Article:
Is self publishing the route for your book or would you be better off with one of the publishing arrangements Rooney describes? The answer depends on your goals for your book, your budget for its production and your comfort level with managing all of the arrangements independently. But it’s certainly a possibility that any author seeking a path to publication should consider.

    Click here to read Mick Rooney’s “The Types of Self-Publishing – Peeling Away the Layers of Confusion.”

    Click here to read David Carnoy’s “Self-Publishing: 25 Things You Need to Know.”



    Is a Writing Group for You?

    Writing can be a solitary task. Sometimes it is difficult to get a good perspective on the manuscript you’re producing. One solution is to seek out other writers and join with them in a writing group or workshop.

    A recent interview between Kate Bittman of the New Yorker and actor James Franco, star of films like Milk, Pineapple Express and Howl. Their conversation which appeared in the magazine’s online Book Bench focused on Franco’s newly released story collection Palo Alto.

    Franco said he had written for years, but had only recently begun showing his work to others. When asked, what was the best advice about writing he had ever received, he said, “I suppose it’s finding good mentors and good readers; people who will give you a good sense of what you’ve written, because you can’t always assess it on your own.”

    About five years ago Franco discovered writer’s workshops when he could feedback from fellow writers about how to sharpen his writing skills.

    “Once I started enrolling in writing workshops and had people reading my work, it immediately gave me a new perspective," he said. "I was suddenly writing to communicate with others, which made all the difference. I no longer cut corners. I could no longer judge my work by its potential. Instead, I had to listen to how it was being perceived by others. I could no longer fool myself in isolation.”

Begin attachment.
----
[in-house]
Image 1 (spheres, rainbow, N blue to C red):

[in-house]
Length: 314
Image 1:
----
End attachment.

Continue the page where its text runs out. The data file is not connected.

The advice and support provided by members of a writer’s workshop can make the difference in whether a project gets finished or not. It can almost certainly make the manuscript you ultimately create better.

    You can locate online groups or groups in your neighborhood with a quick Google search.

    Click here to read Kate Bittman’s interview with James Franco.



    Using Photos - Giants Win It All!

    I’ve been a San Francisco Giants fan for all 52 years since they came west from New York. Only baseball fans in places like Chicago, Cleveland and until fairly recently, Boston can understand what that means. Watching year after year as your team struggles futilely in its quest for a championship is indeed as a Giant’s broadcaster described it “torture.” So I am feeling a very strange sense of excited contentment today.  The photo below captures the reason.

    Freelance writer Randy Murray, in his blog First Today, Then Tomorrow, offers some excellent tips on using photos and illustrations.

    Murray begins, “Here’s the big secret: the image has to contribute to the reader’s understanding and comprehension of your text, not just to make the page more visually appealing.”

    How do you decide when the image does contribute to the reader’s understanding. Murray suggests four guidelines to decide:

    1.      You are referring to the specific image in your text – they purpose of your text IS the image.

    2.      The image will allow you to take a shortcut. By pointing to the image you can significantly reduce your description or be more accurate. “It looks like this,” with a picture, might save you 500 words and keep your readers’ interest.

    3.      The image reinforces your message

    4.      The image provides credible evidence to back up your words. Think “news photo,” like the picture of a house fire. [Or maybe the Giants!]



    Organizing a Family History - BYU Ancestors

    If you’ve been following our recent posts (or even if you haven’t) we have been looking at how to organize a family history book. The Brigham Young University TV series Ancestors offers some good insights on the subject. The website for the series which first aired in 1997 addresses several questions you’ll want to think about as you decide how to organize your book.

    • What type of history do you want to create?
    • How many people or generations should you include?
    • Who is your intended audience?
    • What style will you use? This section focuses on decisions about chronological or topical organization or combinations of the two. It also offers video clips which explain some of the choices you will face in organizing your family history.
    • Do you need an index or source citations?

    The website offers a variety of resources for family historians. It’s worth a look.

     Click here to visit the BYU Ancestors site.